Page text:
Lots of magic, lots of good friends, one massive butt-kicking and handfuls of loot.  I guess I could have just posted that one sentence instead of all this craziness, but what fun would have that been!

Until next GP, have fun and enjoy the game!

Wednesday, February 4, 2015

90 Days - Discovering Artistic Styles - Pin-Up Art

Discovering Artistic Styles
Pin-Up Art

In my continuing effort to learn more about art and its history and styles, I'm going to share some of the things that I have learned about art.  I'm going to start with an artistic style known as pin-up art.  Pin-up art is a literal form of art, in that it is a low-cost, mass produced work that is meant to be "pinned on a wall" for display.  Old advertisements, postcards, paintings, photos, and sketches could all be considered pin-up art.

The most popular pin-up art, starting as far back as the 1880's is pin-up girls.  Usually of famous actresses or other stars of the day (think Marilyn Monroe), they were used to sell just about everything from soap, orange juice, and war bonds.  They were very popular during the 1940's-1960's.  Some of the more popular pin-up girl artist include Alberto Vargas, Rolf Armstrong, and Hajime Sorayama.  You can Google these artist, just be aware, some of the art may be risque and not quite appropriate for work.

In modern times, we now have band and movie posters, show playbills and even fine art calendars.  Remember, no matter the cost of the art, the most important part of art is how it makes you feel.  You might be moved by looking at the Mona Lisa but you could be just as moved as looking at a wonderful, antique postcard that you found at a swap meet.

The next time you see a picture that you like, pin it to the wall!

A Winning Combination
by Rolf Armstrong, 1945

91 Days - Zen of Laundry

The Zen of Laundry

Laundry.  A relatively simple task, certainly not something that would cause any sort of deep, meaningful, introspective moments in life.  Or so you would think.  While doing laundry today I realized I have a lot of things that I just don't wear anymore and I asked myself: "Why am I keeping this things?"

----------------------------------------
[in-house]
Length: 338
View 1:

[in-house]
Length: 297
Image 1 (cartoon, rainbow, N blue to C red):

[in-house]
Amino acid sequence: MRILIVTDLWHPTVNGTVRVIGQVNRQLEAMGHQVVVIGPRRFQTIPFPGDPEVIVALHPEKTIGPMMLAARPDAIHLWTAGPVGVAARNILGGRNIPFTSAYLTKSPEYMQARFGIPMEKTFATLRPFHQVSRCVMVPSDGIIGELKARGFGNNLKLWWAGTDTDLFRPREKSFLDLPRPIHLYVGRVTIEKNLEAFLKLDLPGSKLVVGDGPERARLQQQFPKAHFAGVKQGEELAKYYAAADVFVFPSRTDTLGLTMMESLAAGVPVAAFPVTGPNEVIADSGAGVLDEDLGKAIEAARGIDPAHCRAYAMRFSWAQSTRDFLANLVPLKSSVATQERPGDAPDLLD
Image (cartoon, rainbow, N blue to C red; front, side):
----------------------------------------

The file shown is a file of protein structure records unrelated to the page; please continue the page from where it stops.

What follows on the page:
A few things came to mind.  First, memories - many of these items have a memory from an event to place that I visited and whenever I wear them I try and relive that memory.  I am also a bit of a pack-rat, I never really throw anything away that I think I can either reuse or re-purpose later.  My dad taught me, any t-shirt to old to wear just became a brand new shop rag!   Regardless of how many new shirts that I get, I feel I can't possibly throw away any of the old ones, because you never know when you might need them!

Lastly, I hate being wasteful - I am sure there are folks out there who could use these clothes.  I'll even put them in a "donate box", but somehow they will somehow teleport themselves back into my drawers!

Today I decided that sometimes it's healthy to let some of these old anchors go.  Letting a t-shirt go will not take away any memories - in fact, in the act of letting it go I decided to write down some of the stories of how I got some of these shirts (random concerts, sports jerseys, etc.)  These items basically became small muses for me to write about, and I think that is the most that I could possibly ask of them.  Now I let some of them go, and perhaps they will help make memories for someone else.  And I'll finally get some darn drawer space for all my socks!

(Close up of Landry Room #1, by Theresa (Mixed media on canvas))

Wednesday, January 28, 2015

92 Days - Supporting Artist (The Art Quest, Part III)

Supporting Artist

Today I received two amazing pieces of artwork that I purchased at Grand Prix Denver.  Aaron Miller, a fantasy artist (i.e. Magic cards) was nice enough to paint me two custom pieces of art for my Real Magic Deck of playing cards that I've been working on for a while now (for more details, see some of my previous blog posts).  Normally I ask the artist to do a sketch or quick drawing for the cards, mainly due to their limited time availability at Grand Prix's - a lot of folks want signatures/drawings.